This may sound crazy but even this far north, winter isn’t a bad time to admire the garden. With leaves and flowers a memory of the past season and a hope for the coming season, the garden is reduced to its bare bones. Not that the wintry scene need be dull or bleak. Good bones give structure to the landscape, knitting it together in some places, dividing it up in others, framing vistas, and providing firm footing for the eyes (figuratively) and feet (literally). Even now.
Three-dimensional forms are what give structure to a landscape. A house usually is the most obvious mass jutting up into space on a property. Too often it’s the only structural element, feebly tied to the landscape with some gumdrop-shaped junipers or yews standing, as if guarding, the foundation.
I have effected a relationship between my yard and my house by building a grape arbor out from the rear wall, then enclosing the ground beneath this arbor with a brick terrace (my house is also brick) edged with a low hedge of potentilla. Similarly, the stone wall supporting what previous were slopes at the front and side of my house flow into the landscape with a contiguous stone wall sweeping out across the yard.
Defining Areas and Movement
Plants add mass and definition to the landscape only if they are evergreen, sufficiently large, or densely twiggy. Though the line of privets dividing the back portion of my property into two “rooms” are now leafless, their twigs are dense enough to make a billowing, brown swatch in the landscape.
Around the other side of the yard, the limbs and trunk of a honeylocust I planted almost twenty years ago are finally defining the space beneath the spreading branches.
Years ago, I planted a long, double row of dwarf apple trees, with four feet between the trees and fifteen feet between the rows. This small allée curved out of sight, the tree trunks drawing my eyes or my feet along like highway markers to the back of the yard. I’ve since replanted the allée with dwarf pear trees, with similar effect.
The Best Laid Plans; Sometimes There Aren’t
Unlike annual plants, which leave no legacy at the end of the season, trees, hedges, and stone walls make strong, permanent statements, so must be planned as part of some overall design. Every structural element needs a clearly defined purpose before it’s built or planted.
My original vegetable garden looked like it had been plopped down on the ground across an expanse of forty feet of lawn until, after about five years, I decided it needed to be more physically and aesthetically connected to the house. I finally knocked an opening through the back wall of the house, then put in a glass doorway. Standing in my kitchen I can look past my living room, through the doorway, over the arbored terrace, straight out to the garden gate, through the garden path, then out the back garden gate into a mysterious, dark path framed by bamboo and a hemlock and balsam fir tree. (I did plan and plant all that so the path is not all that mysterious — to me, at least.)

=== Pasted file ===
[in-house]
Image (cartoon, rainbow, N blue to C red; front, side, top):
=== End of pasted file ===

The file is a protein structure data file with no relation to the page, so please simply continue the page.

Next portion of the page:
“Clearly defined purpose” notwithstanding, I’ve planted more than my share of trees on impulse, and later have had to cut them down or move them to more suitable locations. And that arbor: after even less than a decade it already had suffered numerous readjustments as I added, removed, or just shifted posts, and crosspieces, and changed what plants they were supporting.
Fortunately, the three stone walls I built here all were well-placed. The first one, my first-ever stone wall, is somewhat sloppy and could use an overhaul.
Sometimes those impulse plantings have been serendipitous. Year ‘round, I look out my second story bedroom window in the morning to admire the shades of green and varying textures of the bamboo, hemlock, and balsam fir that form the backdrop for my garden. That backdrop extends further along with a stately row of columnar arborvitae, (shielding compost piles) behind which peek out the row of glossy green leaved Meserve hollies.
I wish I could say that all that was carefully planned out; it wasn’t. Over the course of many years, I put in one plant, then another and another, not imagining what the big picture would look like.
An allée, a billowing hedge, or an arbor doesn’t come into its full glory overnight. Even if almost full-grown plants are set in the ground, it takes some seasons before they snuggle into their surroundings and look truly at home. With time, frost, rain and sun lend a patina to tree trunks, stone walls, and fences. Near the ground, creeping plants lend a gentle embrace.
There’s no way around it — age is needed to bring character to these weighty garden elements. Some aspects of gardening should be long term propositions.